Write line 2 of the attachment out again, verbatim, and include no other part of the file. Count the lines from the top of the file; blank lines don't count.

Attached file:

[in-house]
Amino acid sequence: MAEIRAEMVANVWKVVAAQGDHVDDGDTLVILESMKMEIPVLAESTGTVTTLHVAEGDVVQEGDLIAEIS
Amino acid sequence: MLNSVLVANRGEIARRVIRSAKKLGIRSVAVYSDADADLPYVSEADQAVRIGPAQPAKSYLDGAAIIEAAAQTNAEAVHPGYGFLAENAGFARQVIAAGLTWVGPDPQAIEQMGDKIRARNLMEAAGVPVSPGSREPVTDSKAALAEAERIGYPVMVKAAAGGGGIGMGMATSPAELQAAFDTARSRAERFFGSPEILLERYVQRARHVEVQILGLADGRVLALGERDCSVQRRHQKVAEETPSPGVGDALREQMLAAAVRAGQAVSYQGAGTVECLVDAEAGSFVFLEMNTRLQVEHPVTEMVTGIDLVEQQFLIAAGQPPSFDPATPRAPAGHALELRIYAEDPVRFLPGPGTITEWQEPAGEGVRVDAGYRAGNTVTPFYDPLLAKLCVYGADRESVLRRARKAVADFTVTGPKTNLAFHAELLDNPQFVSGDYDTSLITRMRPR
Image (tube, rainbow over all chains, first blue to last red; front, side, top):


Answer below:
Amino acid sequence: MAEIRAEMVANVWKVVAAQGDHVDDGDTLVILESMKMEIPVLAESTGTVTTLHVAEGDVVQEGDLIAEIS